Preload a scene or picture?

  • #1, by Simon_ASAWednesday, 27. January 2016, 11:36 5 years ago
    Hi, I am trying to optimize a few things in my game. I know the useful Action that preloads animations and I am wondering if there is a way to preload a picture or a scene? The reason is that one of my scenes has a resolution of 4000x4000 where we can scroll in all directions, so there's always a slowdown between this scene and the previous one, when it is suddenly loaded in memory. Thanks for your ideas!

    Edit:
    I just thought that I could put this background as the single frame of an active animation, and preload it. But maybe there is another way?

    Edit2:
    It doesn't work. I still need a 4000x4000 picture to define the size of the scene, and this picture is always slow to load, even if it is an empty picture (all black).
    Another idea to preload a scene?

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  • #2, by Simon_ASAThursday, 28. January 2016, 12:00 5 years ago
    Anyone?

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  • #3, by afrlmeThursday, 28. January 2016, 12:46 5 years ago
    No, sorry mate. What you mentioned about loading it in as an animation & preloading that is about the only thing I can also think of.

    P.S: Did you already convert the image to webp format? That would reduce loading time of it significantly.

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  • #4, by Simon_ASAThursday, 28. January 2016, 18:34 5 years ago
    Yeah, all my pics are in webp format.

    Anyway thanks, I think it's not such a big issue, I just wanted to optimize.

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  • #5, by afrlmeThursday, 28. January 2016, 20:21 5 years ago
    Maybe you could split it into squares & add them as objects? Would reduce the size of each image by quite a lot. Just add a transparent background image at the size you want the scene to be. I don't know if it will help or not, but worth a try maybe?

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  • #6, by MachtnixThursday, 28. January 2016, 22:18 5 years ago
    I have a funny idea (don't know if it works properly). Ich had the same problem (my scene is only 2500x2500 :-) In my case a full screen animation plays slowly the first time. But after playing once it's speed is correct. Why? I think: It's stored in the cache.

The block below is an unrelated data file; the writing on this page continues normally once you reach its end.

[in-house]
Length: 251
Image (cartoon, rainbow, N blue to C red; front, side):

Your scene should be in memory if a character walks once through the whole scene. So you have to make a cover plate to hide the animations beneath it. I made a covering picture and started the most important animations at the beginning of the game. BTW: Long loading time... After playing all animations once (or - in your case - one character walks from the left side to the right side) the cover disappears, the start scene is shown - and (maybe) the whole scene for the most part is cached. Try it. Don't forget to set your character at the starting point again...
    In R 3.7 this preloading thing works well, but now it doesn't.

    edit: I enlarged the picture cache to 500 MB. It's not that big as you think... believe me. It's full! :-)

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  • #7, by afrlmeFriday, 29. January 2016, 00:13 5 years ago
    The more stuff you preload the more chance you have of your game running slow further down the line. It's important to manually unload preloaded animations / characters when you no longer need them.

    I believe the game slowing down was an issue Chris (stasis) found out about due to preloading loads of stuff throughout the game without unloading any of it. Eventually after x amount of time (current session) it started slowing down / lagging - my memory is a bit vague on what he said, but was something along the lines of what I'm saying, I think. razz

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  • #8, by MachtnixFriday, 29. January 2016, 17:24 5 years ago
    I have no idea how this preloading / unloading works. I use it logical: at the beginning of a scene I preload some big animations / pictures, after leaving I unload them. But it doesn't make any difference. Even my animations disappear / don't play. What the hell...? So I kicked it out. In 3.7 it works: I could see the difference, but now??